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Prove that,

$$ \int_0^1\frac{1+x^8}{1+x^{10}}dx=\frac{\pi}{\phi^5-8} $$

What kind of subsititution should be used to solve this integral

Another integral that give the same answer but with a different limit and same denominator?

$$ \int_0^\infty \frac{1}{1+x^{10}}dx=\frac{\pi}{\phi^5-8} $$

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  • $\begingroup$ See what WA gives $\endgroup$ – Archis Welankar Apr 29 '16 at 11:14
  • $\begingroup$ At first glance, I would use complex analysis and a residue theorem, but that doesn't seem to be the intent of this question? $\endgroup$ – Michael Burr Apr 29 '16 at 11:14
  • $\begingroup$ @ArchisWelankar Wolfram gives me $$\int \frac{x^8+1}{x^{10}+1} \, dx=\frac{1}{10} \left(4 \tan ^{-1}(x)+\left(\sqrt{5}-1\right) \tan ^{-1}\left(\frac{\sqrt{2 \left(\sqrt{5}+5\right)}-4 x}{1-\sqrt{5}}\right)+\left(\sqrt{5}-1\right) \tan ^{-1}\left(\frac{4 x+\sqrt{2 \left(\sqrt{5}+5\right)}}{\sqrt{5}-1}\right)+\left(\sqrt{5}+1\right) \tan ^{-1}\left(\frac{4 x-\sqrt{10-2 \sqrt{5}}}{\sqrt{5}+1}\right)+\left(\sqrt{5}+1\right) \tan ^{-1}\left(\frac{4 x+\sqrt{10-2 \sqrt{5}}}{\sqrt{5}+1}\right)\right) $$ but doesn't provide a step-by-step solution. $\endgroup$ – Math1000 Apr 29 '16 at 11:44
  • $\begingroup$ I have came across a particular high-school examination question (for reference: dropbox.com/s/q9yqpags9a1z9m9/…) that asks to evaluate $$\int_{0}^1 \frac{1 + x^4}{1 + x^6}$$ by first proving that for $n \in \mathbb{Z}^+$, $$\frac{1}{1 + x^2} = 1 - x^2 + x^4 - \dots + (-1)^{n - 1}x^{2n - 2} + (-1)^n\frac{x^{2n}}{1 + x^2}$$ ... though I am not sure how applicable it is here. $\endgroup$ – Yiyuan Lee Apr 29 '16 at 12:31
  • $\begingroup$ I must remark that this integral is absolutely beautiful. $\endgroup$ – MathematicsStudent1122 Apr 30 '16 at 6:42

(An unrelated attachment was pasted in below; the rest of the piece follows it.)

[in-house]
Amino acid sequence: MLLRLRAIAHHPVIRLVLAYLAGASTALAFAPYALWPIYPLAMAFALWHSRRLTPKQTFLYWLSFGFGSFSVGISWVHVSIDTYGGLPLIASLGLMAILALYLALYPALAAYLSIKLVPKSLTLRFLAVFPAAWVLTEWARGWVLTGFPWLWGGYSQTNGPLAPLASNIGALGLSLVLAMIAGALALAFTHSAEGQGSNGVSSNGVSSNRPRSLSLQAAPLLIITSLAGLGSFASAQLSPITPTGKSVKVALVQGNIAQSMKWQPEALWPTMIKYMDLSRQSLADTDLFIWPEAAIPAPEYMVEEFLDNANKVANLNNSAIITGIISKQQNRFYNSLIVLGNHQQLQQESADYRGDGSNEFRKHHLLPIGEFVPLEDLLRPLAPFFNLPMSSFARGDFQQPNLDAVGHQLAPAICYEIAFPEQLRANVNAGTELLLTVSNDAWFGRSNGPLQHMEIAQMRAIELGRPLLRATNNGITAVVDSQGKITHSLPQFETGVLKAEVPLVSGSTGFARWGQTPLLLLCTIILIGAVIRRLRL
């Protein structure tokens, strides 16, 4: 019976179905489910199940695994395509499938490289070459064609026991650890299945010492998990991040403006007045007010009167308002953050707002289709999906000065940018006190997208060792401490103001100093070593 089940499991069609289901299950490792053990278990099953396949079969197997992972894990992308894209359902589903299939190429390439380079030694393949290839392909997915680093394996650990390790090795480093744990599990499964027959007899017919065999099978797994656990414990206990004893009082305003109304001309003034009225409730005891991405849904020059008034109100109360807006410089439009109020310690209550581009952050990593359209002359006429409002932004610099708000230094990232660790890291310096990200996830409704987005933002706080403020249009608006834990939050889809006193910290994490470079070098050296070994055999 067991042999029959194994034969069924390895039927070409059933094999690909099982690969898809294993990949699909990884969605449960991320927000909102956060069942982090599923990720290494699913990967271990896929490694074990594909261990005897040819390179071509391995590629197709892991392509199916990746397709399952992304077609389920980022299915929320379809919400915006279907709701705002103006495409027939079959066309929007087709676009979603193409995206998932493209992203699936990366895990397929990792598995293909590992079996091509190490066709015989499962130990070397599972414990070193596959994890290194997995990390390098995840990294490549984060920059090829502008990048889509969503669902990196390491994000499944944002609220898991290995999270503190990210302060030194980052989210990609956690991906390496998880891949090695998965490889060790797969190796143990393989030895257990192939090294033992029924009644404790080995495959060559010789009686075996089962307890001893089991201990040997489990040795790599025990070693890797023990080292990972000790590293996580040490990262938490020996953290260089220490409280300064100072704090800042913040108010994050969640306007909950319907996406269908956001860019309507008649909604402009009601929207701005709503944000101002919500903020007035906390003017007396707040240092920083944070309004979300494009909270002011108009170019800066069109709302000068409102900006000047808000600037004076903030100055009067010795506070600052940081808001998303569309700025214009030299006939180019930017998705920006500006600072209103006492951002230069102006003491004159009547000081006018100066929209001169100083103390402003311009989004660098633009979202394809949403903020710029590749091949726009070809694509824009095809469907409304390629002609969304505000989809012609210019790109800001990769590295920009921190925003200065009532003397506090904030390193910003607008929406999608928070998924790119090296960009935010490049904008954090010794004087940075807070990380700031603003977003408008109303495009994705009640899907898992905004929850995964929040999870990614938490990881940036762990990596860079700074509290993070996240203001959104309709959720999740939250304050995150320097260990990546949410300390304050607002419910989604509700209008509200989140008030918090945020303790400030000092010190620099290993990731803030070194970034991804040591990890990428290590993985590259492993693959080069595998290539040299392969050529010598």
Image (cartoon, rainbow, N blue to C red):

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If we make the substitution $t=\frac1x$ and later $x^{10}=u$, then we find that $$\begin{align}\int_0^1\frac{1+x^8}{1+x^{10}}dx&=\int_{\infty}^1\frac{1+t^{-8}}{1+t^{-10}}\frac{(-dt)}{t^2}=\int_1^{\infty}\frac{t^8+1}{t^{10}+1}dt\\ &=\frac12\int_0^{\infty}\frac{1+x^8}{1+x^{10}}dx=\frac12\int_0^{\infty}\frac{1+u^{\frac45}}{1+u}\frac{du}{10u^{\frac9{10}}}=\\ &\frac1{20}\int_0^{\infty}\frac{u^{\frac1{10}-1}+u^{\frac9{10}-1}}{1+u}du\end{align}$$ Now, $$\int_0^{\infty}\frac{u^{p-1}}{1+u}du=\frac{\pi}{\sin p\pi}$$ Is a famous integral that converges for $p\in(0,1)$ and may be determined using the 'keyhole' contour. Of course $\sin\left(\frac{\pi}{10}\right)=\sin\left(\frac{9\pi}{10}\right)=\cos\left(\frac{2\pi}5\right)=\frac1{2\phi}$, where $\phi=\frac{\sqrt5+1}2$. So $$\int_0^1\frac{1+x^8}{1+x^{10}}dx=\frac{2\pi}{20\sin\left(\frac{\pi}5\right)}=\frac{\pi}{\left(\frac5{\phi}\right)}$$ So we just have to compute $$\begin{align}\phi^5-8&=\left(\frac{\sqrt5+1}2\right)^5-8=\frac{11+5\sqrt5}2-8\\ &=\frac{5\sqrt5-5}2=5\left(\frac{\sqrt5-1}2\right)\\ &=5\left(\frac{\sqrt5+1}2\right)^{-1}=\frac5{\phi}\end{align}$$ To conclude $$\int_0^1\frac{1+x^8}{1+x^{10}}dx=\frac{\pi}{\phi^5-8}$$ Now, you can do this with partial fractions, but is seems much more long-winded.

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